The show took its form after the success of Vikki’s book of the same name. The book, like the show, examines artifacts known as contact sheets, a particular byproduct of film photography that isn’t often used anymore. 

 

In this age of digital imagery and Instagram… the contact sheet is sort of a dying art, but essentially, you know, back in the analog days, the photographers shot on rolls of film and those rolls of film would, you know, they couldn't see them in real time. They would go back and develop them and contact print onto a piece of paper, something that would essentially be a working document, for them to make selections.

 

A contact sheet, like a film roll, displays a variety of images simultaneously, so that it’s easy for photographers to survey and isolate the strongest of the batch. 

 

The decisive moment would either go onto an album cover on a magazine cover or, you know, where our press shot or wherever that one singular shot was meant to go. 

 

But when you’re looking at the contact sheet, you also see all the photos taken just before and just after the ideal cover shot. You see the bloopers, the outtakes, the almost-but-not-quites. 

 

And this is where the idea of a photographer’s diary comes in. The contact sheet is a snapshot, so to speak, of the creative process of a photographer. It leaves a trail of clues as to what, exactly, they were trying to capture. 

 

Long before she started sourcing contact sheets, Vikki had developed a personal tie to hip-hop. As an immigrant child growing up in 80’s Detroit, she was uniquely situated to witness its inception. It didn’t take long for her to grow an infatuation with the music, as the genre itself grew. 

 

I fell in love with the music. This was, you know, the late eighties when hip hop was very political and conscious and, you know, growing up in a city like Detroit, it just really inspired me.

 

She moved to New York and got a job at Payday Records, a small hip hop label. It wasn’t long before Payday began putting out debut music from relative unknowns at the time… people like Mos Def and Jay Z. 

 

Soon Vikki started writing for music magazines like Vibe. It was at this point she met photographers, artists and writers who were at the time themselves young upstarts. Many have gone on to worldwide fame and acclaim in the decades since. 

 

Hip hop is now over 40 years old. It is now a global phenomenon. It drives conversations around politics, race, identity, all these really amazing, important things, that hip hop can now, you know, take its rightful place and, you know, in an ownership in. 

 

It wasn’t until recently that Vikki realized, that she had a particular sort of access to those very same photographers she used to work with when she was young. And if she had access to them, she might have access to their contact sheets. 

 

And I started thinking about all the all these iconic moments taken through photography. And then I started remembering back on a lot of these iconic shoots that I happened to be part of.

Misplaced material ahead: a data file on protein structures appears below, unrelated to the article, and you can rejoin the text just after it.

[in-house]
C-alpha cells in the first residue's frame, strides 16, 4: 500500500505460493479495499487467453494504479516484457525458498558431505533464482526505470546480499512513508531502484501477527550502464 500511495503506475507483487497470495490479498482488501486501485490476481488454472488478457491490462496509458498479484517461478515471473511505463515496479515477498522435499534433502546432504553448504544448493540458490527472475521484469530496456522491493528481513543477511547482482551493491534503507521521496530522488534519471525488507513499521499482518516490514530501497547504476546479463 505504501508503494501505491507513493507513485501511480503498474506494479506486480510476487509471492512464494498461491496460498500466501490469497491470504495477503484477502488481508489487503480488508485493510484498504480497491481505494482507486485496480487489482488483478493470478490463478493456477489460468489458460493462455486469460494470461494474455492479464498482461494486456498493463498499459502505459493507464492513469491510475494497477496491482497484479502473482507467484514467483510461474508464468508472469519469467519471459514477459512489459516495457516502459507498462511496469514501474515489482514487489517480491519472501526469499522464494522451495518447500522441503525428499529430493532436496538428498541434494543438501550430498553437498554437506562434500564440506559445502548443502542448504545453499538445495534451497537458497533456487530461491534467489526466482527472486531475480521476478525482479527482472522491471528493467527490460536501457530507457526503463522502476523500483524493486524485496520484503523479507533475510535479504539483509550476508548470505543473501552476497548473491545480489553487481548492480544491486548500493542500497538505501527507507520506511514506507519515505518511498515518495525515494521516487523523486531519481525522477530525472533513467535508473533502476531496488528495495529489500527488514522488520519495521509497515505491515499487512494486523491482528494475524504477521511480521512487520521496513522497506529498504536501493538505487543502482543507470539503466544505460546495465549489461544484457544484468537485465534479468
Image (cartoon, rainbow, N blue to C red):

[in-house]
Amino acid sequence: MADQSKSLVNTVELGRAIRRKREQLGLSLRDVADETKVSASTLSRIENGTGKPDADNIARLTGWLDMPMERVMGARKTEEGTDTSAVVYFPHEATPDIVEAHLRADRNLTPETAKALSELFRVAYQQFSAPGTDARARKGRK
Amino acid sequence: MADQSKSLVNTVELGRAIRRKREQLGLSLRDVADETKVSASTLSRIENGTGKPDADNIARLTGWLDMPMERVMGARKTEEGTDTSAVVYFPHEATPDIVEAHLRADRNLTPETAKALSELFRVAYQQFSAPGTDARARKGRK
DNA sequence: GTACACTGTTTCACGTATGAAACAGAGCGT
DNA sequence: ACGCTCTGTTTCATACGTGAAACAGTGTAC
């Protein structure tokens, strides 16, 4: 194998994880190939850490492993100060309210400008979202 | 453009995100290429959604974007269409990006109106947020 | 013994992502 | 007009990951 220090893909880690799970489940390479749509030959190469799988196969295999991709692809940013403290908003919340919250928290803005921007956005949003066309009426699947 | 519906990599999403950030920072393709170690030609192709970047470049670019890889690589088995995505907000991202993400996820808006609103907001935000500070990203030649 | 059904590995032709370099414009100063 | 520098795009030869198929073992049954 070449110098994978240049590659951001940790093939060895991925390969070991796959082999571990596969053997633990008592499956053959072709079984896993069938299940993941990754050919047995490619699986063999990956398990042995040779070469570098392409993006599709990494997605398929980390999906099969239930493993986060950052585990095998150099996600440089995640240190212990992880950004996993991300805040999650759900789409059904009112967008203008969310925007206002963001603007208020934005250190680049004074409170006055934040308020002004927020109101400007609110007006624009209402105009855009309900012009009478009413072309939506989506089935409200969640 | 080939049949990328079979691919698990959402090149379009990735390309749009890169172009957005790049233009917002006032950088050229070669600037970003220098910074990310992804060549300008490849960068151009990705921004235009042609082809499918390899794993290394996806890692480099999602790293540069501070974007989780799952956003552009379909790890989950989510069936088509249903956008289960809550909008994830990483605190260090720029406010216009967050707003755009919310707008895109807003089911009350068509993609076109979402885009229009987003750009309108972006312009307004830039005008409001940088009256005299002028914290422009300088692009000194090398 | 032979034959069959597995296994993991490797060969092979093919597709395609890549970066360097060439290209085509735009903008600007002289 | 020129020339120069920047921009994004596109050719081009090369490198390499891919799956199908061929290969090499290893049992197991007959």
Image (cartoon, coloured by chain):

And then, you know, I was like, I wonder whatever happened to a lot of these outtakes, a lot of these outtakes that started showing people, not just the artist, but, you know, the producers, the DJs, the dancers, the family members, the managers, like the photos that tell this larger story of hip hop are all laid out in the contact sheets. 

 

So she began reaching out to people one by one. To her delight, they responded with enthusiasm. All had bonded as young people, raptly listening to the music of a movement no one anticipated would make it this far. 

 

It really started out from us truly loving the music, and the community. And it started out from a very pure place. You know, nobody really knew that it would become this big global phenomenon.

 

So Vikki got to work. She archived contact sheet after contact sheet, some from well-known photoshoots, some hidden away for years. 

 

I didn't take lightly, this undertaking, at all, especially, you know, to a music, again, that I go back to, that really changed my life as a kid and a music that I worked very closely in, you know, in my teens and early twenties... it was more than just doing right as a journalist and a curator, it was also just doing right to this thing that was very personal to me.

 

It was around this time that Vikki linked up with Fab 5 Freddy, a legendary New York graffiti artist, film producer, director, and musician. He made his name in the 1970s alongside legends like Keith Haring and Jean-Michel Basquiat. He was even name-dropped in a Blondie song. Ever since, he’s been on the vanguard of hip-hop culture. 

 

Fab, you know, came to mind really quickly. I mean, he was at the forefront of hip-hop in many ways, you know? I mean, he's a renaissance man on many levels. He directed some of the earliest videos. He was a pioneer, you know, on MTV raps of hip hop, hip hop media. He’s just one of those personalities of the movement.